The rasgulla, ladies and gents, is as Bengali as Communism. However, just like some reactionaries claim foreign origin for Marx babu, an extra-Bengali source is being claimed for the rasgulla. Odisha (earlier Orissa and even earlier Kalinga) has staked a Geographical Indication claim on the confectionery.
This bold assertion rests on the fact that the Jagannath Temple in Puri uses rasgullas as prasad during the Rath Yatra. Laxmidhar Pujapanda, public relations officer of the temple, is quoted by the Times of India arguing: "Rasgulla has been part of Rath Yatra rituals ever since the Jagannath temple came into existence in the 12th century."
Unfortunately, this claim doesn’t have much by way of backing. The Chhapan Bhog (ritual offering to Lord Krishna) of the temple does not mention the rasgulla and there is nothing to say that the tradition of offering the sweetmeat didn’t originate sometime in the recent past.
There is also the fact that, as noted food historian KT Achaya points out, cheese was taboo in Hinduism since the act of splitting milk was seen as profane. A logical extension from the sacred status that milk held in the religion. Offering up a sweet made of cheese (in this case cottage cheese or chhana) as a Brahmanical offering in the 12th century seems highly unlikely.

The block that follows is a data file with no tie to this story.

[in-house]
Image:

The real cheese
In fact, before the 17th century, there are no references to cheese in India at all. As food writer and historian Chitra Banerji says, “It is notable that in all the myths about the young Krishna [a later incarnation of Vishnu], who was bought up by foster parents among the dairy farmers of Brindaban [in the state of Uttar Pradesh] there are thousands of references to milk, butter, ghee and yoghurt, but none to chhana.”
Not only in mythology, chhana (cottage cheese, the base used in the rasgulla), is conspicuously absent even in medieval Indian history. Banerji has studied the medieval Hindu reformer Chaitanya’s food habits and while he seemed to have a great fondness for sweets, including dairy-based ones, there is no mention of sweets with chhana as a base. In medieval Bengal, in fact, the sandesh was made out of khoa, or condensed milk solids. Only later did it come to use cheese.
How then did Bengalis come by cheese?